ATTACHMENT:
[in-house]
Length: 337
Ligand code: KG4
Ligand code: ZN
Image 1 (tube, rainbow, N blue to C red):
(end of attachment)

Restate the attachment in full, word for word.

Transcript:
[in-house]
Length: 337
Ligand code: KG4
Ligand code: ZN
Image 1 (tube, rainbow, N blue to C red):